Nonprofit corporations are often faced with tough decisions about their future. For a variety of reasons, a nonprofit’s board may determine that dissolution is the best answer. Causes range from dwindling resources to a reduction in the need for the nonprofit’s services. After a thorough consideration of alternatives, if the Board determines that dissolution is the best option for a nonprofit corporation, there are business and legal steps that must be taken to properly wind down and dissolve it. Properly dissolving a nonprofit corporation provides maximum protection to the directors and officers and permits the corporation to cut-off any unknown creditor claims that may come to light after the corporation has been dissolved. Nonprofit corporations are creatures of state law. Accordingly, state law dictates the process to create or dissolve a nonprofit corporation.
Legal Steps. Every state nonprofit corporation statute sets forth the process for dissolving a nonprofit corporation. In Arizona, the legal steps to dissolve the Corporation are as follows:
- Board Approves Plan of Dissolution. The Board must pass a resolution approving the proposal to dissolve and setting forth a Plan of Dissolution. The Plan of Dissolution needs to be provided with the notice of the meeting to consider the dissolution. If the nonprofit corporation is tax-exempt, the plan should direct the remaining assets of the nonprofit corporation, if any, to another qualified recipient in a manner that complies with the Corporation’s dissolution provision in its governing documents.
- File Articles of Dissolution. The dissolving corporation must then file Articles of Dissolution with the Arizona Corporation Commission.
- Publish Articles of Dissolution. Arizona law requires Articles of Dissolution to be published within 60 days after the Arizona Corporation Commission has approved the filing of the Articles of Dissolution. Other states may not require publication of the Articles of Dissolution and may give a different name to the operative document. Arizona law requires the Affidavit of Publication to must be filed with the Arizona Corporation Commission within 90 days the Articles of Dissolution are approved.
- Notify Creditors. Next, the Corporation will want to appoint someone to determine any vendors, service providers, or other creditors, who will have to be notified of the dissolution. The dissolving corporation must notify known creditors by letter and unknown creditors by publication.
- Pay and/or Settle Debts. The dissolving corporation must pay its remaining debts. To satisfy its creditors, the nonprofit may need to liquidate its assets such as real property, vehicles, furnishings, computers, etc.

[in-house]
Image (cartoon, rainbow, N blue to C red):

- File Final Tax Returns. In Arizona, dissolving corporations must file the final Form 990 and a corresponding AZ Form 99 if one is due. The final tax filing is generally based on a short tax year that ends on the date the state approves the Articles of Dissolution. The final form 990 should reflect that is the final return to alert the IRS that the corporation is dissolving.
- Request Certificate of Tax Clearance. Not all states include this step; however, Arizona will not provide a dissolution certificate without proof that the corporation has satisfied its tax obligations. This means that final tax returns must be filed for the final tax year prior to submitting the application for a tax clearance letter to the Arizona Department of Revenue. Once the tax clearance letter has been received, it must be filed with the Arizona Corporation Commission to obtain a final Certificate of Dissolution.
Business Steps. Once the Board has made a final decision to dissolve the nonprofit corporation and hired counsel to handle the legal steps outlined above, the Board’s focus should shift to settling the Corporations debts and liabilities and distributing the Corporation’s remaining assets.
The complexity of the dissolution process will depend on many things, including the existence of leases, employees, employee benefit plans and other contracts and ongoing commitments that must be settled and terminated. There is also the issue of assets which may need to be liquidated to settle the organization’s debts. It is also important to consider whether the nonprofit’s directors and officer’s liability insurance policy is claims-made or occurrence based. Claims-made insurance is most common. Claims based policies mean that the policy covers claims based on the date a lawsuit is filed rather than the date of the event leading to the claim. If the nonprofit’s insurance policy is claims-made, it is a good idea to consider prepaying for several years of tail coverage to extend protection for a few years to protect against claims filed after the dissolution. Typically, after several years, the statute of limitations kicks in and any further claims will be time-barred.
Transfer of Funds. Once creditors and dissolution expenses have been paid, any remaining assets and funds must be transferred to another nonprofit (or a governmental entity if the governing documents permit) pursuant to the corporation’s dissolution provision as discussed above. The transfer should be made pursuant to a grant agreement to document the transfer and the purpose of the grant. Assets may be transferred in-kind to avoid the time and expense of liquidating assets if the grantee nonprofit is willing to accept them.
Conclusion. Although many nonprofit corporations consider dissolution a dirty word and a dreaded process, if it becomes necessary and the steps outlined above are followed, the nonprofit can dissolve gracefully and transfer its remaining assets to another nonprofit with similar goals, turning the dissolution into a benefit that will help further its original mission.
Ellis Carter is a nonprofit lawyer licensed to practice in Washington and Arizona. Ellis advises tax-exempt clients on federal tax matters nationwide.